NEW YORK, Sept. 27 (UPI) -- The North African branch of al-Qaida is working from Mali to undermine transition in Libya "as we tragically saw in Benghazi," the U.S. secretary of state said.
U.S. Secretary of State Hillary Clinton told a U.N. meeting on the Sahel region of North Africa that Mali was becoming a breeding ground for groups like al-Qaida in the Islamic Maghreb given the lingering conflict there.
"And they (AQIM) are working with other violent extremists to undermine the democratic transitions underway in North Africa, as we tragically saw in Benghazi," she said.
The U.S. consulate in Benghazi, Libya, was attacked Sept. 11. U.S. Ambassador to Libya Christopher Stevens and three of his staff members died in the assault. Clinton said the U.S. government was working closely with Libyan and regional officials to find those responsible for the attack.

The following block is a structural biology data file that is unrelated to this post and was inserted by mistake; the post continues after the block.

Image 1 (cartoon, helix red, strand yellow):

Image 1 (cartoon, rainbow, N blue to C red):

Military group Ansar al-Sharia was suspected of having a role in the assault. In an interview with the BBC, Ansar al-Sharia commander Mohammed Ali al-Zawawi denied responsibility, however.
White House spokesman Jay Carney said last week that "possibly" elements of AQIM were involved.